A day ahead of the show, I worried that pending tropical storm Darby might cause its cancellation. The day was humid, but the downpour in Honolulu waited until the evening. A good thing because this is the organization's major fund-raiser for scholarships, that in 2016 will go to:

* Stephanie Adaniya: Iolani School to Brown University; Biology
* Reese Asato: Iolani School to University of Purdue; Mechanical Engineering
* Dane Itomura: Punahou School to UC San Diego; Biology
* Kassie Odo: Pearl City High to Oregon State; Bio-engineering
* Shayna Pak: McKinley High to University of Hawaii at Manoa; Music
* Copeland Talkington: Kamaile Academy to UHM; Computer Science
* Marisa Tsuhako: Waiakea High to UHM; Master of Education
* Summer Tsukenjo: Sacred Hearts Academy to Kapiolani Community College; Education
* Jolyn Yoneshige: Castle High to Hawaii Pacific University; Education

Congratulations to all the scholarship recipients and all who worked hard to make sure the show when on in spite of the uncertain weather.

Allison Chu in one of Dolkii's original romper designs.

A stylized "rainbow" by Kaypee Soh.

Nadine Kam is Style Editor and staff restaurant critic at the Honolulu Star-Advertiser; her food coverage in print in Wednesday's Crave section. Contact her via email at and follow her on Twitter, Instagram and Rebel Mouse.

On the Na Hoku red carpet

May 29th, 2016


From left are Style Awards judge Carol D’Angelo, wahine winner Aurora Kaawa, kane winner Sean O’Malley, and judges Georja Skinner and Dexter Doi.

The Nā Hōkū Hanohano Awards ceremony is not only one of Hawaii's biggest showcases for entertainment in Hawaii, but also the one night Hawaii's music stars get to show off their red carpet style.

The big night puts the spotlight on nominees in 33 categories, vying for the Ka Hōkū Mua `Loa ("Star of Distinction") trophy.

It may be one of the most diverse red carpets in the world, where spectators will see a mix of gowns, Hawaiian formals, rock 'n' roll leather and Stetsons. So this year, in addition to recognition for music, the stars and guests were also recognized for their fashion sense.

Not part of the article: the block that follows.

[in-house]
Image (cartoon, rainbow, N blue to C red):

At the Hoku Na Hanohano Awards, Natalie Ai Kamauu showed her star style with a hat she made to compliment her Adriana Papell dress.

Natalie Ai Kamauu and Iolani Kamauu in a denim suit. Below, Natalie's accessories.

hoku hands

The 39th annual awards that took place May 28 also marked the inaugural Poi Planet Style Contest, which took place in the foyer of the Kalākaua Ballroom at Hawai'i Convention Center prior to the start of the awards ceremony.

Winner in the wahine category was Aurora Kaawa, a former Miss Hawaii (’71) who also won the talent award at the Miss America 1971 pageant. She lives in Makakilo and travels back and forth to Southern California to run her entertainment and events company, Ahe Productions. She found her dress in a Palm Springs store in 2012 and wanted to wait for the right moment to wear it. Kaawa is a hula dancer who continues to perform with her brother Mike Kaawa, and has also performed as a featured dancer with Taj Mahal, Melveen Leed, Owana Salazar.

Winner in the kane category, Sean O’Malley, is part of the comedy duo, Oil in the Alley, a finalist in the Best Comedy Album Category. The Hawaii Kai singer/guitar player’s oil and fire outfit was inspired by the “oil” in his duo's name, while and his partner, R. Kevin Garcia Doyle’s blue outfit, was inspired by water.

Attendees were invited to model their outfits in front of an panel of judges. They were Georja Skinner, Chief Officer of the Department of Business, Economic Development and Tourism (DBED)/Creative Industries Division; designer Allison Izu; and Carol D’Angelo and Dexter Doi of Ecolicious.

The winners received prizes from Ala Moana Hotel, DADA Salon, Ecolicious, KoAloha Ukulele. Manaola, Allison Izu, and Reyn Spooner.

From left, Taz Vegas, Melia Kalawe and songwriter/producer Bobby Pileggi.

Blaine and Kaleo Kia. Blaine is wearing a Ralph Lauren shirt from Macy's with sandalwood bead necklace and Tahitian matau or fish hook necklace. Kaleo is wearing Manaola Hawaii.

Here to support the Kaleikini family, statuesque London singer/songwriter Chalin Barton wore an Alex Mullins dress with a thrift-shop kimono, accessorized with a Chanel bag.

Sandy "Storm" Essman, nominated with her band for Rock Album of the Year and Christmas Album of the Year, with Sean O'Malley of Oil in the Alley, who had been nominated for Best Comedy Album.